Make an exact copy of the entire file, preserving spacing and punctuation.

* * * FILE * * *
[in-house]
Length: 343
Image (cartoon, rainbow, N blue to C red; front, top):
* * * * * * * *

[in-house]
Length: 343
Image (cartoon, rainbow, N blue to C red; front, top):